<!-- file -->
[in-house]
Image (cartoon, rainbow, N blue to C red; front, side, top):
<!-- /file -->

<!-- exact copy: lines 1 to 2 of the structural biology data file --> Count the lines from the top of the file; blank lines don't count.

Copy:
[in-house]
Image (cartoon, rainbow, N blue to C red; front, side, top):